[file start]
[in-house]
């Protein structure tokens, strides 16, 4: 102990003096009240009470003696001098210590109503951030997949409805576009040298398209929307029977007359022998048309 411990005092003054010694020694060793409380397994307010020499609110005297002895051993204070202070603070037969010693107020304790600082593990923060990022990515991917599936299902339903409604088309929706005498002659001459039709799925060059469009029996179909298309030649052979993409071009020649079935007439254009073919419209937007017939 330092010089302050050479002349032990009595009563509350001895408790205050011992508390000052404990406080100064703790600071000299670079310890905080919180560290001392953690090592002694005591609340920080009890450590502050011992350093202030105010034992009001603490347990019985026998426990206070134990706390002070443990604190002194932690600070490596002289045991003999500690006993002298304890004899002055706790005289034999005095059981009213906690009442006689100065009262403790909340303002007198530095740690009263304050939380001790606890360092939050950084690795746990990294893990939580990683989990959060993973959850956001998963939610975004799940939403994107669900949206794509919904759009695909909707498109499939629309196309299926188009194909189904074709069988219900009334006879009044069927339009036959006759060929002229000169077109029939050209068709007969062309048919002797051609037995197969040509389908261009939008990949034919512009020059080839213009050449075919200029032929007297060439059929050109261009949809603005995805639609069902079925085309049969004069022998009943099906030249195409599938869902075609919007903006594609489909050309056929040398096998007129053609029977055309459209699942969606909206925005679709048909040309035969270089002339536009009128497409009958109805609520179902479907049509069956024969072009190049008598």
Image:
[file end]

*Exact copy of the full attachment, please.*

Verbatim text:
[in-house]
């Protein structure tokens, strides 16, 4: 102990003096009240009470003696001098210590109503951030997949409805576009040298398209929307029977007359022998048309 411990005092003054010694020694060793409380397994307010020499609110005297002895051993204070202070603070037969010693107020304790600082593990923060990022990515991917599936299902339903409604088309929706005498002659001459039709799925060059469009029996179909298309030649052979993409071009020649079935007439254009073919419209937007017939 330092010089302050050479002349032990009595009563509350001895408790205050011992508390000052404990406080100064703790600071000299670079310890905080919180560290001392953690090592002694005591609340920080009890450590502050011992350093202030105010034992009001603490347990019985026998426990206070134990706390002070443990604190002194932690600070490596002289045991003999500690006993002298304890004899002055706790005289034999005095059981009213906690009442006689100065009262403790909340303002007198530095740690009263304050939380001790606890360092939050950084690795746990990294893990939580990683989990959060993973959850956001998963939610975004799940939403994107669900949206794509919904759009695909909707498109499939629309196309299926188009194909189904074709069988219900009334006879009044069927339009036959006759060929002229000169077109029939050209068709007969062309048919002797051609037995197969040509389908261009939008990949034919512009020059080839213009050449075919200029032929007297060439059929050109261009949809603005995805639609069902079925085309049969004069022998009943099906030249195409599938869902075609919007903006594609489909050309056929040398096998007129053609029977055309459209699942969606909206925005679709048909040309035969270089002339536009009128497409009958109805609520179902479907049509069956024969072009190049008598």
Image: